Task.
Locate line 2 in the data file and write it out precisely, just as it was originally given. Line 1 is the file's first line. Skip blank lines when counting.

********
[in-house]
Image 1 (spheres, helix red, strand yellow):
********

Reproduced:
Image 1 (spheres, helix red, strand yellow):